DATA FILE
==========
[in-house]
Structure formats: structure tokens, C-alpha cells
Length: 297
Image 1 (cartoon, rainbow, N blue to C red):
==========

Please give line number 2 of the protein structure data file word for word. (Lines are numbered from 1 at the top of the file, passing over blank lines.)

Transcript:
Structure formats: structure tokens, C-alpha cells